Putting Education Reform To The Test

Steve Jobs’ Education Legacy

Peter Macdiarmid / Getty Images

Steve Jobs' inventions, particularly the iPad, will leave a lasting impact on education

The death of Apple founder Steve Jobs is an education story as well as a business story.

Among the Jobs tributes flooding the Internet Wednesday night was this from the parent of an autistic child. Although the son does not talk, the parent wrote, he uses Apple’s iPad to communicate.

“Thank you Steve Jobs for helping my son,” the parent wrote on CNN’s iReport site. “You have given us hope we thought we would never have.”

The parent summed up Jobs’ impact on the son very simply: “Steve Jobs saved my son.”

Jobs’ influence on education is likely to increase after his death. School districts in Florida and elsewhere are turning to the iPad to both engage students and replace textbooks — keeping them more up-to-date at a lower cost.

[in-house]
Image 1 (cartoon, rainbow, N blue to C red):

State Rep. Jeff Brandes, a Pinellas County Republican, believes the devices have the potential to significantly reduce the cost of educating children as less money is available in the state budget.

The corporate cultural differences between computing giants Microsoft and Apple have also served as a proxy in the debate about changing the U.S. higher education system.

Earlier this year Microsoft founder Bill Gates said that U.S. colleges and universities should focus more on educating students in subjects “well-correlated to areas that actually produce jobs.” Gates has put billions of his own money into researching education reform ideas for both primary and higher education.

Jobs gave what some took as a defense of traditional liberal arts education in unveiling the iPad 2 in March, not long after Gates’ comments.

“It’s in Apple’s DNA that technology alone is not enough — it’s technology married with liberal arts, married with the humanities, that yields us the result that makes our heart sing and nowhere is that more true than in these post-PC devices.”

Education Week has also weighed in on Jobs’ legacy. Read it here.

UPDATE: Our colleagues at StateImpact Indiana note that Macs have been a fixture in classrooms since the 1980s.


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